Sweep hook adj's. I've had about a number of different machines blackout with the deck lowering and the rake underneath it. Taking those out as well.

              They run all their pit cushion linkages extremely loose. A lot without the unibolt locknut. Thus causing IFOC's and trigger issues. I inspect them as I find them and the either tighten them back to spec or try to schedule them to get replaced if needed.

              This is getting lengthy, so I'll stop here for now. I guess what I'm looking for is who has been in this situation, and brought it around. I would like to be the B mech. I was the B mech at the BRC center I worked before, and was in the MOS program. I wouldn't mind I guess about taking the head position, except for the fact I go to school. If its always as dead in the mornings as I've seen it I could probably get that place running 15-20 calls a day in a month.
              Hard work and determination is the answer to all problems.

              Comment


              • #8
                Re: Where to start

                Watch the cushion linkage, don't crank it down tight if it's been loose for a long time. If you do it will sweep the pins out of the scissors.
                BEER: It's not just for breakfast anymore.

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                • #9
                  Re: Where to start

                  I would get the PM program going. The whole purpose of PM, which I should not need to lecture you about if the same minds at brunswick taught you, is to KEEP IT FROM BREAKING IN THE FIRST PLACE.

                  Other than that, keep a list of what machines and what areas are the worst at causing stops, and progressively hunt them down and kill them. But REAL progress will only come when the PM starts to show results ... otherwise you're just fighting fires, which doesn't accomplish anything:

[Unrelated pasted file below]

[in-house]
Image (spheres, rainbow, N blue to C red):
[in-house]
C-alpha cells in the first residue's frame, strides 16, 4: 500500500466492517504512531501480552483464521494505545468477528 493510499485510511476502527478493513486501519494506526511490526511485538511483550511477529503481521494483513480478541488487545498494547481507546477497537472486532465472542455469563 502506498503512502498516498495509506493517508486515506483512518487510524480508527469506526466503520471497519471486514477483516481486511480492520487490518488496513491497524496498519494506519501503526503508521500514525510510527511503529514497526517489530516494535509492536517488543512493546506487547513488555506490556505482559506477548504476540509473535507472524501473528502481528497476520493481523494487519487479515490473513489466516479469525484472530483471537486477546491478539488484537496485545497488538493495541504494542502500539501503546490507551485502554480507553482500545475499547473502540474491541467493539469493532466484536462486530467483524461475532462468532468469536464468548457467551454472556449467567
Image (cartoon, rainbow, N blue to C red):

Kevin

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                  • #10
                    Re: Where to start

                    Aaron - Kevin (as always) is right, pro active maintenance is the way to go. If you just react to stops or breakdowns you will always be struggling. Sounds like your management want you to be a pinchaser, not a TECH!!! I think you need to have a serious talk with them & stress the improvements which can be made with an effective PM system. Tell them about our comments & see what the reaction is, if they don't agree with us maybe you need to look elsewhere for employment!!
                    Alternatively ask for a chance to prove yourself by taking one machine out & service it & crack all the problems, if they can see the rewards maybe then they will see the LIGHT, Godd Luck. [img]/content/btubb/images/%%GRAEMLIN_URL%%/frown.gif[/img]